What are Haemorrhoids/Piles?

Haemorrhoids are enlarged tissue cushions in the anus due to enlarged/congested blood vessels. It is important to note that it is normal to have these tissue cushions. It only becomes problematic when they are enlarged.

Haemorrhoids are often confused with skin tags as both can often be felt at the edge of the anus. Unlike haemorrhoids that arise from within the anus, skin tags arise from the skin around the anus. Treatment for skin tags is much less complex than that for haemorrhoids.

Alpine Surgical is committed to practicing safe and reliable surgery to treat all types of Haemorrhoids / Piles.

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Causes & Symptoms of Haemorrhoids

The most often attributable cause is prolonged straining/squeezing during the passing of motion. The straining causes the blood vessels and overlying mucosa of the haemorrhoids to stretch out and expand with time.

As the haemorrhoids expand, the patient will then experience the common symptoms of anal bleeding, the sensation of a lump at the anus and sometimes a painful lump due to a strangulated/trapped haemorrhoid.

When should I see a doctor?

One of the commonest symptoms of haemorrhoid is bleeding during passing of motion. Early medical consultation with consideration for a colonoscopy is essential, particularly for individuals over 40 years of age, to achieve an accurate diagnosis. Colon/Rectal tumour bleeding can resemble haemorrhoidal bleeding and the differentiation between the two is essential.

A consultation with a General surgeon or Colorectal surgeon can be sought if the haemorrhoids are uncomfortable and the individual wants some form of treatment.

The different grades of Haemorrhoids and its treatment options

First-degree haemorrhoids are the smallest in size and do not prolapse. These are usually residing within the anus and is best treated with medications. No form of surgical intervention is helpful due to the small size.

Second-degree haemorrhoids may prolapse/’drop out’ during the passing of motion but they tend to reduce/’go back’ into the anus after passing motion.

The treatment options include:
1. Medications for the smaller second-degree haemorrhoids.
2. Ligation (tying up with rubber bands) for small to medium-sized second-degree haemorrhoids)
3. Stapled haemorrhoidectomy or the THD/HALO procedure for large second-degree haemorrhoids

Third-degree haemorrhoids are larger than second-degree ones and hence ‘drop out’ during the passing of motion but will require the patient to push them back manually. Third-degree haemorrhoids do not reduce/’go back’ by themselves.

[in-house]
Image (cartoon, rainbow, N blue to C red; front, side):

Third-degree haemorrhoids also certainly require some form of surgery as they are too large to shrink sufficiently with either medications or rubber band ligation.

The surgical options include stapled haemorrhoidectomy (for smaller third-degree haemorrhoids), or more commonly a conventional haemorrhoidectomy (Milligan-Morgan or Ferguson method).

Fourth-degree haemorrhoids are the largest haemorrhoids and are permanently ‘out’ of the anus. They can cause a lot of discomfort during sitting down or walking as they rub against each other or the buttocks.

The only treatment is a conventional haemorrhoidectomy (Milligan-Morgan or Ferguson method).

Treatment Options

The rubber band ligation is a clinic procedure that takes about 2 min and involves very little discomfort to the patient. The rubber bands usually dislodge after a few days or up to 2 weeks without the patient being aware. The rubber bands cut off the blood supply and hence shrinks the haemorrhoids.

A stapled haemorrhoidectomy involves using a circular surgical stapler that is placed within the upper anus. The stapler will then excise/remove a 1cm ring of the anal lining that contains the blood vessels supplying the haemorrhoids, followed by a row of staples to re-unite the edges of the cut anal lining. The two common systems available on the market is the PROXIMATE® PPH system by Ethicon and EEA™ system by Medtronic.

Both procedures utilise the same surgical principle of locating the feeding hemorrhoidal vessels with a specially designed ultrasound probe followed by surgical stitching in the anus to close off the vessels without any wounds.

The THD® Doppler Surgery system and the HALO™ system are the commonest systems on the market. It is important to note that this form of surgery is more suitable for patients with predominantly bleeding symptoms with minimal prolapse of haemorrhoids.

 

The Conventional haemorrhoidectomy is the gold standard by which all new hemorrhoidal surgery procedures are compared against. The conventional haemorrhoidectomy method has been in use for over fifty years and is the only treatment option available for large third-degree and fourth-degree haemorrhoids.

The conventional haemorrhoidectomy involves a surgical excision/’cutting out’ of the haemorrhoids with diathermy. The wound can then be left open to heal on its own (Milligan-Morgan method) or stitched up (Ferguson method). Each method has its advantages and disadvantages.

These are variants of the conventional haemorrhoidectomy method, with the LigaSure™ surgical sealer or Harmonic® ultrasonic scalpel used in place of the electrical diathermy. The main advantage is that of a lower post-op bleeding risk.

It is important to discuss with your surgeon in detail the best treatment option for your condition.

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